There are 7 primary ways to manipulate the terpene content of cannabis. These methods involve manipulation of terpene content prior to drying and curing, whereafter only preservation is possible. These brief descriptions are based on a supplemental chapter in The Big Book of Terps titled “Manipulating Cannabis for Phytochemical Content,” which begins at page 556.
#1 – Genetics: Terpene Content Depends on Genetics
Controlling the terpene content of cannabis begins with selecting stabilized cannabis genetics that are known to produce the phytochemical profile desired. Genetic code contains the blueprint for the terpene and phytochemical content that can be produced under ideal conditions. Any deviation from the plant’s genetic ideal is generally caused by environmental influence as detailed below.
#2 – Harvest Timing: Monoterpenes Evaporate with Heat and Light
Cannabis cultivators have long known that trichome ripeness determines several end-product variables, including taste, smell, and effects. Trichomes contain mostly terpenes, which means that harvesting based on trichome ripeness is the same as harvesting based on terpene content and state. We need cultivators worldwide to test live plant volatile molecule content at each stage of the traditionally harvested metrics – clear trichome heads, cloudy trichome heads, and amber trichome heads – to determine the resulting terpene and other phytochemical content at each stage. These tests must also include studies where subjects consume products from each stage and report on subjective effects.
When it comes to the volatile organic compounds of cannabis, we’re mostly talking about monoterpenes, sesquiterpenes, diterpenes, and triterpenes, which are listed here in order of volatility. Because monoterpenes are the most volatile, they evaporate quickly under heat and/or light. Therefore, to retain the most monoterpenes possible, the ideal time to harvest cannabis is early in the morning, before the sun heats and lights the environment.
#3 – Disease Stress: Plants change Terpene Content in Response to Disease
When plants are stressed by disease, they often adjust the composition of their phytochemical content and emissions to help fight the infection. This can be capitalized upon by cannabis growers by deliberately exposing crops to bacterial, viral, or other diseases where a cure is available (fungi and bacteria provide the clearest examples of curable conditions). Measurements of phytochemical content should be taken prior to disease exposure, at several periods during exposure, and after treatment has been applied. This type of experimentation should be considered for manufacturing processes that can later remove molds or bacteria.
#4 – Insect Stress: Plants Change Terpene Content and Emissions in Response to Insect Behavior
When insects gather on, consume, or lay eggs on plants, many plants respond by significantly altering phytochemical content, particularly terpenes. Similar to the above description of disease stress, cannabis plants can be forced to alter their phytochemical content by exposing them to an insect infestation such as aphids or spider mites. Assuming a cure is on hand (such as ladybugs or acaricidal agents), the plants can be tested prior to commencement of the experimentation, again 1-2 days after exposure to the insects, and again after treatment, or more often for projects with access to ample resources.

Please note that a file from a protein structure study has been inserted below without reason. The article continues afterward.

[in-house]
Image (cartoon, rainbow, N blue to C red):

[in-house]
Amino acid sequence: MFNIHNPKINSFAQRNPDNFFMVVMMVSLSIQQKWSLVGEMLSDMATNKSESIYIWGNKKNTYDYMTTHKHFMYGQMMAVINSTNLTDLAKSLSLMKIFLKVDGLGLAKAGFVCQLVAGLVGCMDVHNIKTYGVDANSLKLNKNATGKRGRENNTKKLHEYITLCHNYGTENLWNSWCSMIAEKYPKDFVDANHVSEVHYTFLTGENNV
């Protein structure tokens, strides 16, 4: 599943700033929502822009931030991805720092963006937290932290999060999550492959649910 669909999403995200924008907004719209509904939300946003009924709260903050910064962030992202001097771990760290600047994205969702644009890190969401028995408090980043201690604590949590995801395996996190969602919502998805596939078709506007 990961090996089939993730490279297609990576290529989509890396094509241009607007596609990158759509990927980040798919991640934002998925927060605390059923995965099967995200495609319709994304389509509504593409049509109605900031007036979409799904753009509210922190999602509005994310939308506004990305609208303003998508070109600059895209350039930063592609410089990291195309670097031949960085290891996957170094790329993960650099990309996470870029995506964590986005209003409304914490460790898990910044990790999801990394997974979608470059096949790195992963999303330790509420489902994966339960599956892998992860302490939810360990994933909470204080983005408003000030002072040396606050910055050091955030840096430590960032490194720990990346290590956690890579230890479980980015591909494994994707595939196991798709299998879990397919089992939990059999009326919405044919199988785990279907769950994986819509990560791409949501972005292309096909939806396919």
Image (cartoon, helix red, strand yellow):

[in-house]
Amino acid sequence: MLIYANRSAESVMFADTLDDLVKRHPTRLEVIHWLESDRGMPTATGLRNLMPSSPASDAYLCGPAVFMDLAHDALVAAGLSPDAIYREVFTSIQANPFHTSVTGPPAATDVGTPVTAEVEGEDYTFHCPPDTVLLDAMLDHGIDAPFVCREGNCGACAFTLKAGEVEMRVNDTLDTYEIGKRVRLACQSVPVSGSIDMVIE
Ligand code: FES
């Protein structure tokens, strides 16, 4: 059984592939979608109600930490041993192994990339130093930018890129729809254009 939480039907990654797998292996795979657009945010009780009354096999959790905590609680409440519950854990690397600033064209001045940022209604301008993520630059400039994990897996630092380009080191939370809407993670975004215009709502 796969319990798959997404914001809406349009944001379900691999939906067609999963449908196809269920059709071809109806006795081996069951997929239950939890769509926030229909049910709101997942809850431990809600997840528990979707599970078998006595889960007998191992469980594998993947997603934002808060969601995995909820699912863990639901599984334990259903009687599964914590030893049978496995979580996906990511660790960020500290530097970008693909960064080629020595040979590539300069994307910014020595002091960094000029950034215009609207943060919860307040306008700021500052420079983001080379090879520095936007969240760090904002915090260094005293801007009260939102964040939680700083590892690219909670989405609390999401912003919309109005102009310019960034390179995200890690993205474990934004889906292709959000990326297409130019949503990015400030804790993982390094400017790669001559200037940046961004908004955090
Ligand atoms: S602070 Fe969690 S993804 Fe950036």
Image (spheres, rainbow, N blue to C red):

#5 – Allelochemical Stress: Plants Change Volatile Terpene Emissions in Response to Other Plants
When plants use emissions of volatile molecules like terpenes to influence the growth of other plants, these are called allelopathic agents, where the “attacking” plant and the “defending” plant both alter their phytochemical content to engage in this warfare. Cultivators can alter the content of terpenes and other phytochemicals by co-planting competing plants near cannabis plants. In this case, laboratory testing of terpenes and other chemicals must occur prior to co-planting, at several points during the co-planting period, and, to confirm results, after removal of the offending cohabitant species.
#6 – Mechanical Wounding: Plants Change Terpene Content in Response to Injury
One interesting way to manipulate terpene content in specific parts of a plant is to mechanically wound the plant. When wounded, many plants send a rush of specific blends of terpenes and other compounds to the site of injury. While this is useful for experimentation purposes, the results will not be systemic and therefore will not affect harvestable flowers, unless flowers are the site of injury.
#7 – Chemical Treatment: Plants Change Terpene Content in Response to Other Chemicals
Some plants respond to treatment with organic chemicals by altering their terpene profile. While this is possible using several different compounds, one chemical that often elicits phytochemical changes in plants is gaseous emissions of limonene. Much experimentation is needed to elucidate the potential in this regard for cannabis.
Finally, drying, curing, and processing are not necessarily ways to manipulate terpene content, but rather ways to preserve these chemical profiles. It is possible to produce a deliberate ideal phytochemical content of a particular chemovar and crop, but then destroy that chemical content during drying and curing. As with all terpenes but especially for monoterpenes, heat and light will dramatically change phytochemical content, and not generally in a favorable way for consumers.